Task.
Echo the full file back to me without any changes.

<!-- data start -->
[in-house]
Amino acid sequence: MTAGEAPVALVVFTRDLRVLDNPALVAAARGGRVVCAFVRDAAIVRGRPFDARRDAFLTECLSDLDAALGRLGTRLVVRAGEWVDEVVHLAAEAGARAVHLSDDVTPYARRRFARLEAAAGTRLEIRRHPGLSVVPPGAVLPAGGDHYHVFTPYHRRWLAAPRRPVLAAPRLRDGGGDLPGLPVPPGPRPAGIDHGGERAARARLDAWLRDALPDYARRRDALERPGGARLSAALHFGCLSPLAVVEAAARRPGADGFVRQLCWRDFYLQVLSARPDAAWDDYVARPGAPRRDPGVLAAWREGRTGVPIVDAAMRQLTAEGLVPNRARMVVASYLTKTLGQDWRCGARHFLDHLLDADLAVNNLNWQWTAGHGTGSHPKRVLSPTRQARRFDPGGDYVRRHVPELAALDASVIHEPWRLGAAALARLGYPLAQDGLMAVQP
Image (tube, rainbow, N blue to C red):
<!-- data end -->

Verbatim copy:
[in-house]
Amino acid sequence: MTAGEAPVALVVFTRDLRVLDNPALVAAARGGRVVCAFVRDAAIVRGRPFDARRDAFLTECLSDLDAALGRLGTRLVVRAGEWVDEVVHLAAEAGARAVHLSDDVTPYARRRFARLEAAAGTRLEIRRHPGLSVVPPGAVLPAGGDHYHVFTPYHRRWLAAPRRPVLAAPRLRDGGGDLPGLPVPPGPRPAGIDHGGERAARARLDAWLRDALPDYARRRDALERPGGARLSAALHFGCLSPLAVVEAAARRPGADGFVRQLCWRDFYLQVLSARPDAAWDDYVARPGAPRRDPGVLAAWREGRTGVPIVDAAMRQLTAEGLVPNRARMVVASYLTKTLGQDWRCGARHFLDHLLDADLAVNNLNWQWTAGHGTGSHPKRVLSPTRQARRFDPGGDYVRRHVPELAALDASVIHEPWRLGAAALARLGYPLAQDGLMAVQP
Image (tube, rainbow, N blue to C red):